Eat the truck and driver and his gloves.

News item: Ray Collins, original lead singer of Frank Zappa and the Mothers of Invention, is dead at 76.

I’ve rambled before, in other forums, about the influence Zappa and the Mothers had on me as a kid; so I’ll try not to rehash it too much here.

Short version: When I was in grade school, I found a cassette containing parts of the “Mothermania” and “Uncle Meat” albums in my dad’s collection, copied for him by an old friend.

The raunchy absurdity and lopsided musical creativity of songs like “Brown Shoes Don’t Make It,” “Uncle Meat (Main Title Theme)” and “Duke of Prunes” were just the thing to warp the mind of your average American fourth- or fifth-grader.

And — because my dad’s friend had laboriously transcribed the liner notes — I was made aware that these Mothers included somebody credited with “pachuco falsetto” (whatever that was) … another musician credited with “electric piano, tarot cards, brown rice” … and a saxophonist-slash-tambourinist-slash-roadie with the unlikely name of Euclid James “Motorhead” Sherwood.

These guys were musically talented, lyrically subversive, and fifteen kinds of freaky; and discovering them was a mind-opening pleasure.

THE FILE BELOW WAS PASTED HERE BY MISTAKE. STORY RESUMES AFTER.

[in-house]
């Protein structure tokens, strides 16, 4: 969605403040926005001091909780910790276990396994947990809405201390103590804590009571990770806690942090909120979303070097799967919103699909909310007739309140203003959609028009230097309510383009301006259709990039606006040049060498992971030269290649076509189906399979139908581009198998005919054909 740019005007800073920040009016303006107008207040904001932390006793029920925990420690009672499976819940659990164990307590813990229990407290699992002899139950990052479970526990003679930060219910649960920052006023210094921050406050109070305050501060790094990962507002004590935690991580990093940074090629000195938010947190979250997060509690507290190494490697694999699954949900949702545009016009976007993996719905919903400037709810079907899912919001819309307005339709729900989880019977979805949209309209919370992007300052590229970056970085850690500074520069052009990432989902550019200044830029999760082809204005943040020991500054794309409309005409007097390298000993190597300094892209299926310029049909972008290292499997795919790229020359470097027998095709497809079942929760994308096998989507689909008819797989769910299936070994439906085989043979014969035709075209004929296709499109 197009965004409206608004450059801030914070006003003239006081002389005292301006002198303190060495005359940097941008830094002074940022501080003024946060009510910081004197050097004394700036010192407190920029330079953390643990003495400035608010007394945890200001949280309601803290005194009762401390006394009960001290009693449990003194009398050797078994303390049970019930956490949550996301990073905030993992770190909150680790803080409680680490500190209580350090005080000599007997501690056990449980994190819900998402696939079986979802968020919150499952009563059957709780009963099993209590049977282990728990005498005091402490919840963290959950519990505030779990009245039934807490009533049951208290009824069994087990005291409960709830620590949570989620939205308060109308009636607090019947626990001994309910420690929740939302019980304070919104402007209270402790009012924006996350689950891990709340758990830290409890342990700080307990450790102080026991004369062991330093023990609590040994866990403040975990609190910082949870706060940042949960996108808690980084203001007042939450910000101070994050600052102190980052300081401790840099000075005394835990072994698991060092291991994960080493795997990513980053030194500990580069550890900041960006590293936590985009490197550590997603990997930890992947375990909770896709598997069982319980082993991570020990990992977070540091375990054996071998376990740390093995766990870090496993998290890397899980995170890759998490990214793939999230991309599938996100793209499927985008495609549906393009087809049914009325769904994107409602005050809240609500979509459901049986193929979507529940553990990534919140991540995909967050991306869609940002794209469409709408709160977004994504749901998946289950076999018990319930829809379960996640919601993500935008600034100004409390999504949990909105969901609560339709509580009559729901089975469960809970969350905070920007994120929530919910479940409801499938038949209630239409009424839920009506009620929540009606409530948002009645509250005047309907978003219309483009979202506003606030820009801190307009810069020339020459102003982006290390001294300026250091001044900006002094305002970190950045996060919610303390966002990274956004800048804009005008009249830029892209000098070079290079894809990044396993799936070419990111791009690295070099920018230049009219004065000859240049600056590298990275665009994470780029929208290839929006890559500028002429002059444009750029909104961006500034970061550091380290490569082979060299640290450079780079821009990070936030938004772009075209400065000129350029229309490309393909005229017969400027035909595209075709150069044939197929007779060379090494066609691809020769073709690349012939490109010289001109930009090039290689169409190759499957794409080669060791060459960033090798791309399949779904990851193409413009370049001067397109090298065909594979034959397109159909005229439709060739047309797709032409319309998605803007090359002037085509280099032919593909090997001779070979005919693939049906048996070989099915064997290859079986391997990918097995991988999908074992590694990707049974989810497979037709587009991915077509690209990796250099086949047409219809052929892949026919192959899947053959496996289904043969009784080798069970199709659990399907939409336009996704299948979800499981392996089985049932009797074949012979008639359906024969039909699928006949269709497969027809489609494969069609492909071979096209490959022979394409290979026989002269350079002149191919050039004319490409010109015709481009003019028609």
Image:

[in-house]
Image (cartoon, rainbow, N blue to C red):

I suppose it was a quiet disappointment, when I got into mainstream rock music a couple years later, to find out that not every rock band would suddenly lurch into atonality, snorting sound effects, or dadaist spoken interludes at the drop of a hat.

And no one else in rock n’ roll — not Blackie Onassis, not Phil “Philthy Animal” Taylor, not Arcane Vendetta, not even Randy California — has ever had a cooler name than Euclid James “Motorhead” Sherwood.

So whenever one of the old Mothers passes — as Zappa has, and Jimmy Carl Black, and Motorhead Sherwood almost exactly a year ago — I remember the days of that old cassette tape. I might still have the actual tape, though it doesn’t matter; there’s a row of Zappa/Mothers CDs on my music shelf to replace it.

Here’s a tune from one of the last Mothers albums to feature Ray Collins on “swell vocals” (according to the liner notes, contrasting with Zappa’s credit for “low grade vocals”):

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